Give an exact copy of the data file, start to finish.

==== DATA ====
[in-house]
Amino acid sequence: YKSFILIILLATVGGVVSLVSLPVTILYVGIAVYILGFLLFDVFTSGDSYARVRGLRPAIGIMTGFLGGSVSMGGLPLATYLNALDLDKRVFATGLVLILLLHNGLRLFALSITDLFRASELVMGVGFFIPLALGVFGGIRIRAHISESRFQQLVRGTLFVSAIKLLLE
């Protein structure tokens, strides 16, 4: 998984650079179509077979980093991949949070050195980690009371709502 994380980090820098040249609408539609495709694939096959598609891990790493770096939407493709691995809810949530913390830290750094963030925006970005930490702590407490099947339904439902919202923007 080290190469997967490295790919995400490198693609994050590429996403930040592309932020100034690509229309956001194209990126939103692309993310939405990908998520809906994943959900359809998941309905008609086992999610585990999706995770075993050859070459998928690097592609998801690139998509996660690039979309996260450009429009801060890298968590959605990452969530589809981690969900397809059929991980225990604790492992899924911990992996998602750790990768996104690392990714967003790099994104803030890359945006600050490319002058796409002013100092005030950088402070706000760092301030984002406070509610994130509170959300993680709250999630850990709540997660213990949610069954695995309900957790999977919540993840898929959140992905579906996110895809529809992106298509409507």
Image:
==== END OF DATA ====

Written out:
[in-house]
Amino acid sequence: YKSFILIILLATVGGVVSLVSLPVTILYVGIAVYILGFLLFDVFTSGDSYARVRGLRPAIGIMTGFLGGSVSMGGLPLATYLNALDLDKRVFATGLVLILLLHNGLRLFALSITDLFRASELVMGVGFFIPLALGVFGGIRIRAHISESRFQQLVRGTLFVSAIKLLLE
């Protein structure tokens, strides 16, 4: 998984650079179509077979980093991949949070050195980690009371709502 994380980090820098040249609408539609495709694939096959598609891990790493770096939407493709691995809810949530913390830290750094963030925006970005930490702590407490099947339904439902919202923007 080290190469997967490295790919995400490198693609994050590429996403930040592309932020100034690509229309956001194209990126939103692309993310939405990908998520809906994943959900359809998941309905008609086992999610585990999706995770075993050859070459998928690097592609998801690139998509996660690039979309996260450009429009801060890298968590959605990452969530589809981690969900397809059929991980225990604790492992899924911990992996998602750790990768996104690392990714967003790099994104803030890359945006600050490319002058796409002013100092005030950088402070706000760092301030984002406070509610994130509170959300993680709250999630850990709540997660213990949610069954695995309900957790999977919540993840898929959140992905579906996110895809529809992106298509409507």
Image: